S Corp

S-corporations are pass-through entities. This means that all of the income is passed through to the owners or shareholders. This also means that the s corporation itself is not subject to federal income tax. Rather, shareholders will be taxed on their own dividends from the total income.

By being able to work with the benefits of being a corporation, and combining that with the benefits of an s-corp, it can provide the opportunity for a greater amount of profit. Despite this, there are various rules that a corporation must adhere to, should they want to qualify for s corporation status.

What is the Difference Between
S Corporations and C Corporations?

S-corporations differ from C-corporations in that they receive more tax benefits. S corps are considered a “flow-through tax entity”. This is similar to a sole proprietorship, partnership, or LLC.

As a flow-through tax entity, the profits and losses of an S-corporation are given straight to the shareholders. This is then declared on those shareholder’s personal tax returns, rather than through the corporation.

Advantages and Disadvantages of an S Corp

Here are a few advantages and disadvantages of starting an S Corporation in Delaware.


  • Limited liability
  • No state residency requirements
  • Pass-through taxation
  • Privacy protection
  • Income-splitting potential for shareholders and employees


  • Shares are subject to seizure and sale in court proceedings
  • Maximum of 100 shareholders
  • All shareholders must be U.S residents
  • Shareholders holding 2% or more of the company’s shares cannot receive tax-free benefits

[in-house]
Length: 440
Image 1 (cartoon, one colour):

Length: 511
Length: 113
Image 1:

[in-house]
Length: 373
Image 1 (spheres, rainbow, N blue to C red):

• High-income shareholders will pay more taxes on their distributions
  • Not suitable for estate planning vehicle
  • Any mistake can revert the s corp back to c corp status, meaning double taxation
  • Limited to one class of stock only

How is an S Corp Taxed?

When an S-Corp is taxed, it occurs as a pass-through entity. This means the company does not file and pay taxes. Instead, the owners must show the earnings on their personal return.

S Corp Taxations

There are two main forms of s corp taxations, these include:

  • Payroll taxes
  • Franchise Taxes

Payroll Taxes in Delaware

Payroll taxes in the state of Delaware are taxed on a sliding scale. For those who make $20,000-$25,000, the rate is 5.2%, while those who make $25,000-$60,000 are taxed at 5.55%, and those who make over $60,000 are taxed at a rate of 6.6%.

Franchise Taxes in Delaware

Franchise taxes for a corporation in Delaware is based on the corporation type and the number of authorized shares the company has. The minimum tax is $175 for corporations using the Authorized Shares method, while the minimum tax is $400.00 for corporations using the Assumed Par Value Capital Method.

All corporations using either method will have a maximum tax of $200,000 unless they have been identified as a Large Corporate Filer. In this case, the tax may go as high as $250,000. Taxpayers owing $5,000.00 or more pay estimated taxes in quarterly installments with 40% due June 1, then 20% due by September 1, and 20% due by December 1. Anything left over will be due March 1.

Why would an LLC elect to be taxed as an S Corporation?

Because the LLC is most flexible in terms of taxation, an LLC is able to choose any tax election it wants. There are reasons why an LLC would choose to be taxed as an S corporation over other forms of taxation. Oftentimes, an S-Corp election provides the best tax savings.

Contact Contact

Contact Us

Please provide contact information